Ana Mendieta facts for kids
Quick facts for kids
Mendieta in 1981
November 18, 1948|
|Died||September 8, 1985
New York City, US
|Education||University of Iowa|
|Known for||Performance art, sculpture, video art|
Ana Mendieta (November 18, 1948 – September 8, 1985) was a Cuban-American performance artist, sculptor, painter, and video artist who is best known for her "earth-body" artwork. She is considered one of the most influential Cuban-American artists of the post-World War II era. Born in Havana, Mendieta left for the United States in 1961.
Early life and exile
Mendieta was born on November 18, 1948, in Havana, Cuba, to a wealthy family prominent in the country's politics and society. Her father, Ignacio Alberto Mendieta de Lizáur, was an attorney and the nephew of Carlos Mendieta, who was installed as president by Fulgencio Batista for just under two years. Her mother, Raquel Oti de Rojas, was a chemist, a researcher, and the granddaughter of Carlos Maria de Rojas, a sugar mill owner celebrated for his role in the war against Spain for Cuban independence. Ana, aged 12, and her 15-year-old sister Raquelin were sent to the United States by their parents to live in Dubuque, Iowa through Operation Peter Pan, a collaborative program run by the US government and the Catholic Charities for Cuban children to flee Fidel Castro's government. Ana and Raquelin were among 14,000 children who migrated to the United States through this program in 1961. The sisters were able to stay together during this time due to a power of attorney signed by their parents, which mandated that they not be separated. The two sisters spent their first weeks in refugee camps, and then moved between several institutions and foster homes throughout Iowa. In 1966, Mendieta was reunited with her mother and younger brother. Her father joined them in 1979, having spent 18 years in a political prison in Cuba for his involvement in the Bay of Pigs invasion.
In Cuba, Mendieta grew up as a sheltered, upper-class child. She attended an all-girls Catholic private school. When she and her sister were sent to Iowa, they were enrolled in a reform school because the court wanted to avoid sending them to a state institution. When Mendieta studied English in school, her vocabulary was very limited. In junior high school, she discovered a love for art. Mendieta was first a French major and art minor, but when she transferred to the University of Iowa, she was inspired by the avant-garde community and the hills of Iowa's landscape. She earned a BA (enrolled 1969–1972) and MA in painting, and an MFA (enrolled 1972–1977) in Intermedia under the instruction of acclaimed artist Hans Breder. She faced a great deal of discrimination while in art school. In college, Mendieta's work focused on blood and violence toward women. Her interest in spiritualism, religion, and primitive rituals developed during this time. After graduate school, she moved to New York City.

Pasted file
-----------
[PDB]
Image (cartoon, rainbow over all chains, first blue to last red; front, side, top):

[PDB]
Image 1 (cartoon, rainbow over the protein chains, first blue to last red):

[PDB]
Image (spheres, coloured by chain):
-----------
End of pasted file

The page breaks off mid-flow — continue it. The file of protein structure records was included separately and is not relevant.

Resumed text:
In the course of her career, Mendieta created works in Cuba, Mexico, Italy, and the United States. Her work was somewhat autobiographical, drawing from her history of being displaced from her native Cuba, and focused on themes including feminism, violence, life, death, identity, place, and belonging. Many of her works included ephemeral outdoor performances and photographs, sculptures and drawings. Her works are generally associated with the four basic elements of nature. Mendieta often focused on a spiritual and physical connection with the earth. She felt that by uniting her body with the earth she could become whole again: "Through my earth/body sculptures, I become one with the earth ... I become an extension of nature and nature becomes an extension of my body. This obsessive act of reasserting my ties with the earth is really the reactivation of primeval beliefs ... [in] an omnipresent female force, the after image of being encompassing within the womb, is a manifestation of my thirst for being." During her lifetime, Mendieta produced over 200 works of art using earth as a sculptural medium. Her techniques were mainly influenced by Afro-Cuban traditions.
Involvement in the A.I.R.
In 1978, Ana Mendieta joined the Artists In Residence Inc (A.I.R. Gallery) in New York, which was the first gallery for women to be established in the United States. The venture gave her the opportunity to network with other women artists at the forefront of the era's feminist movement. During that time, Mendieta was also actively involved in the administration and maintenance of the A.I.R. In an unpublished statement, she noted, "It is crucial for me to be a part of all my art works. As a result of my participation, my vision becomes a reality and part of my experiences." At the same time, after two years of involvement with A.I.R., she concluded that "American Feminism as it stands is basically a white middle class movement," and she sought to challenge the limits of this perspective through her art. She met her future husband Carl Andre at the gallery, when he served on a panel titled "How has women's art practices affected male artist social attitudes?" Her resignation in 1982 is attributed, in part, to a dispute instigated by Andre over a collaborative art piece the couple had submitted. In a 2001 journal article, Kat Griefen, director of A.I.R from 2006 to 2011, wrote, In 1983, Mendieta was awarded the Rome Prize by the American Academy in Rome. While living in Rome, Mendieta began creating art "objects", including drawings and sculptures. She continued to use natural elements in her work.